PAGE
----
"Roosevelt looked calm and purposeful as he traveled through Connecticut on 23 October. The Secret Service, however, was noticeably apprehensive when he reached the Yale campus. In view of what had happened the last time a President had accepted public handshakes, he was forbidden to work the crowd. Shocked by this restriction, Roosevelt seemed to realize his personal and political danger for the first time. He averted his eyes from Washington during their march to Hyperion Theater. A revised security plan seated them far apart, with the Negro in the audience and Roosevelt himself on the stage. No reference to their dinner was made during the ensuing speeches. But cheers filled the hall when Supreme Court Justice David J. Brewer invoked the Father of the Nation and remarked, 'Thank God, there have always been in this country college men able to recognize a true Washington, though his first name be not George.'"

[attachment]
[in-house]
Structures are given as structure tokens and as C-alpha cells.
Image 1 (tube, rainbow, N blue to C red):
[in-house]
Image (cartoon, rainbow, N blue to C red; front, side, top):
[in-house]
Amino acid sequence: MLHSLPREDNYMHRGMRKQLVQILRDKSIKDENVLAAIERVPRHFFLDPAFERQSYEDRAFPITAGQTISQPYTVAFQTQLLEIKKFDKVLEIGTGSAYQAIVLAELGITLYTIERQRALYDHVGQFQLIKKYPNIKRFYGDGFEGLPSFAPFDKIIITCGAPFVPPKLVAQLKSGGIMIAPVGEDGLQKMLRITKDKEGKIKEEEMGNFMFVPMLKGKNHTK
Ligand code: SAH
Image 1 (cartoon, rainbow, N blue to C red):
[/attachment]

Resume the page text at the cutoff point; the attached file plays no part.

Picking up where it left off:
"Despite his age, Douglass campaigned vigorously for Benjamin Harrison during the 1888 presidential campaign. After weeks spent in Indiana and Michigan, Douglass arrived in New Haven, Connecticut, for a major address on 25 October 1888. There was so much excitement in the city that crowds gathered at the railroad station to witness Douglass’s arrival. After… Continue reading Frederick Douglass’ address in New Haven, October 25, 1888
"I was present at the inauguration of Mr. Lincoln, the 4th of March, 1865. I felt then that there was murder in the air, and I kept close to his carriage on the way to the Capitol, for I felt that I might see him fall that day. It was a vague presentiment. At that… Continue reading Frederick Douglass, at the inauguration of Abraham Lincoln, 1865